Sunday, August 11, 2013


I think it was back in the early 1990s. Paul Page and I were talking about various TV topics and, somehow, the question came up: Could there be an all-auto racing channel?

I think we both thought NO, mainly because the overall fan base, while large, was broken down into too many sub-niches. Page, as I remember, said he thought an all-golf channel might work, though.

Not that many years later, along came SpeedVision. I found it on my DirecTV dish and loved it: Brock Yates, Leon Mandel with a TV version of AutoWeek, Le Mans, classic Formula One races and other goodies. In a way it was too raw, too pure and that made it too good to be true. Sure enough, the programming evolved over the years, and the name changed to Speed when it came under Fox ownership. It will end Aug. 16 and the network will be transformed into Fox Sports 1.

Motorsports -- make that NASCAR -- will continue to be an important programming element, especially in light of the new TV contract Fox has done with our friends in Daytona Beach. Gone, though, will be Speed Center and Dave Despain's Wind Tunnel.

Speed, maybe surprisingly, never got a consistent grasp on a hard-news show. I never thought SC got traction on that front. And a very surprising number of its microphone-holders never learned how to ask a MEANINGFUL question. (That's Reporting 101 and something I hope FS1 producers will deal with, starting with Hermie Sadler.) There were The Big Mouths dressed in Empty Suits, Kenny Wallace and Jimmy Spencer. And the true embarrassment of Rutledge Wood, who single-handedly lowered-the-bar of professional standards for everyone else holding a mike. As for WT, I well remember when it debuted late on a Friday night for 30 minutes. That quickly grew into an hour. At its zenith, WT was on for two hours Sunday nights and then another hour Monday-thru-Thursday. When I did PR for Robby Gordon's 2004 Indy 500 effort, we officially announced his attempt at "The Double" on WT. I had Sam Schmidt out on Indy's pit road late one Sunday night in 1995 for a WT chat.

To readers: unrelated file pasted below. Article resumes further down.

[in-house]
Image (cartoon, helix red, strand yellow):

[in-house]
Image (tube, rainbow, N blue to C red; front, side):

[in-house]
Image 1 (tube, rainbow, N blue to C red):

Despain guided the show through quite a few solid interviews and memorable debates, including those between Robin Miller and Ed Hinton. The whole idea of WT was viewer participation and the quality of those comments ranged from stupid to superb. Krista Voda became a star on Speed and her career survived an embarrassing guest-host appearance, which began with her explaining how Despain's bathroom posture was different from hers. (A multi-Emmy Award winning sports announcer told me she should have been fired for that.) There are ways to end a run and it's been disturbing to me to see the mail-it-in final year of what, in some ways, was a landmark show.

Speed was at its best in live race coverage and gave us a chance to see events that likely wouldn't have had a TV outlet. (Oh, for those years of live Knoxville Nationals.) Those who complained it became the de facto NASCAR Network simply ignored the business realities of the overall Fox contract and the fact that NASCAR became where the money -- and audience -- were. Speed also did well with some of its specials, such as Despain's On Assignment productions, and documentaries, such as the one about Hendrick Motorsports that ran last year. Speed was at its worst in the alternative weeknight shows it tried to develop, with the Michael Waltrip co-hosted "talent" competition the all-time low.

Something I've certainly appreciated, and has been good for Speed, has been Megan Englehart's excellent media relations work.

For many, Speed going to black is sad. It's fair to debate what its demise says about the health of the overall racing, motorsports and automotive industries. Meanwhile, Paul Page (who is doing some Sportbike and Superbike events for CBS Sports' cable channel), was right about a golf channel -- The Golf Channel -- succeeding.

Beside Fox Sports 1 (which, with FS2, which was Fuel, will be where you'll find the United SportsCar Series), NBC Sports Network (formerly Versus) and CBS Sports' less-visible cable channel have become home to various racing properties. As of now, ESPN will only have NHRA come 2015.

Thanks to all who made a professional effort over the years. See ya, Speed.

[ more next Monday . . . ]